The issue of transfers is an interesting one, and a young eco-leftie acquaintance of mine once analysed the SNP in precisely those terms - corralling all of racist-nationalist loons into a single tent and diverting their energies into other things, including pro-immigration and an explicit disavowal of "ethnic nationalism". I vociferously contested this proposition, for a number of reasons. Perhaps most compellingly, there is actually same data available about how Scottish voters transferred between constituency and region, based on 2007's single paper debacle. I've not looked at all of the data across the country (available here) but in Glasgow Govan as was, most of the BNP 2nd votes actually came from folk who were voting Labour in the constituency. It is also worth adding that the SNP did astonishingly well generally in the North East - which might make your SNP transfer thesis somewhat questionable.

  5. Interesting blog. As someone who was paid to count.. I was appalled by the number of BNP ballot papers in the environs of Montrose

  6. I don't think this is really worth exploring. While it's disappointing that there are idiots out there who'll vote for the BNP the numbers are so small they're not really worth the effort to try forming an analysis.

    It does concern me that there is race hate which every so often manifests itself in some poor bugger being beaten up but the culprits are invariably ill-educated, ill-informed and thugs who probably pick on lots of other people every other weekend.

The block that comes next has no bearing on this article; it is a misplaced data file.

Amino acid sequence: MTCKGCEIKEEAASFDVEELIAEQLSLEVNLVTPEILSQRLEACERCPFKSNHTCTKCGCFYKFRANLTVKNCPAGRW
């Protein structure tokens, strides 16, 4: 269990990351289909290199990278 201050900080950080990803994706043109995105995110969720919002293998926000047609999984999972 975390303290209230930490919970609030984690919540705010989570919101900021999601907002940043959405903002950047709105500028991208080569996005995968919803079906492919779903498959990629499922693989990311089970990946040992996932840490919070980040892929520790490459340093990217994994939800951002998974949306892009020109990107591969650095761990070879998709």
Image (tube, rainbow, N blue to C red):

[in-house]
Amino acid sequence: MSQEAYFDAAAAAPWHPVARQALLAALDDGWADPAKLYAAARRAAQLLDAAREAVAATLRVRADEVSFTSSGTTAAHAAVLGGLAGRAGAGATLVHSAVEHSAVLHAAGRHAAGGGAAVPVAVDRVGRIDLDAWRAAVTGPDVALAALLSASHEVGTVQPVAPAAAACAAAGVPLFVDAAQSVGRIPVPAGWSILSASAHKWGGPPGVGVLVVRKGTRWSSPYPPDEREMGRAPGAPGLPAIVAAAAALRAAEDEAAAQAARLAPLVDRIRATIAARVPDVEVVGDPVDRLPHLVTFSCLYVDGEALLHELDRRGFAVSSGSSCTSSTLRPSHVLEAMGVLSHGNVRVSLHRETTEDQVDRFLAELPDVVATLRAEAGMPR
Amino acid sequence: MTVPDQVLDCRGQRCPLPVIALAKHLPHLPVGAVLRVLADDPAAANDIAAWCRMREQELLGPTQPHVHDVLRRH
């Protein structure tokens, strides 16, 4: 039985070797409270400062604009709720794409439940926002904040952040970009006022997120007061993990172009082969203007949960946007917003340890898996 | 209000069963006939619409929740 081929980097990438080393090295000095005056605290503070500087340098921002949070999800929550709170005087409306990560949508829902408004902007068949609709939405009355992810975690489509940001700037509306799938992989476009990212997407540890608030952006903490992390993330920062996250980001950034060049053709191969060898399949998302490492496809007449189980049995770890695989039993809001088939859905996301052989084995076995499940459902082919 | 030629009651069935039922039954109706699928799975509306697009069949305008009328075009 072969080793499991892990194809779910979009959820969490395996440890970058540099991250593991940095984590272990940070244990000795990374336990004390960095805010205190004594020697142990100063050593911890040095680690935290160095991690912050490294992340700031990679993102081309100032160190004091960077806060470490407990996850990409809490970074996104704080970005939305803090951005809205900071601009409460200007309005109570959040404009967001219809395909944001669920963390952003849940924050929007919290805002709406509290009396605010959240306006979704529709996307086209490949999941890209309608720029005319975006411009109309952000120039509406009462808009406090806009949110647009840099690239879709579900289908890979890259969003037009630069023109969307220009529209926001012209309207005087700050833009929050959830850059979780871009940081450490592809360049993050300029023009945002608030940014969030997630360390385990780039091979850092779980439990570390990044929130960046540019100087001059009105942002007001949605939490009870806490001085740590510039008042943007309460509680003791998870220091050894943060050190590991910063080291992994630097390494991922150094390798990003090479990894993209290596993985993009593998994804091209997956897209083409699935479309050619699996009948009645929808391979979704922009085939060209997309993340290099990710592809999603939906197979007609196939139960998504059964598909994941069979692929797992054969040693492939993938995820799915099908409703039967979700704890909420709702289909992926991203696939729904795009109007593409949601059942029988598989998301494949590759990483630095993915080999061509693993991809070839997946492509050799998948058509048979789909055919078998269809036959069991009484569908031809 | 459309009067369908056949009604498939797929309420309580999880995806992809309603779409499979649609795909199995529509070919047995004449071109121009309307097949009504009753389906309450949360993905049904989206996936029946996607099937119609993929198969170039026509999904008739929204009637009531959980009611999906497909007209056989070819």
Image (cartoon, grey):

Years ago there was a fascist pocket in the northeast and I expect the same personnel are involved. It's really not appealing to think about them or to try and explore the flabby mash that comprises their brains.

  7. Yes, the analogy with early release makes sense. Again, I would wish to encourage honesty rather than cynicism from our politicians, so it seems a point in the SNP's favour that they are explictly in favour of immigration, rather than merely pretending not to be, as with Labour and the Tories. You're surely not surprised at the Labour/BNP crossover though? I thought that was very well established wherever they've done well in Britain. It makes perfect sense that voters would switch easily between one unionist party claiming to stand for the working classes generally and another unionist party claiming to stand for the white working classes specifically. I would expect less crossover with the far more cosmopolitan SNP.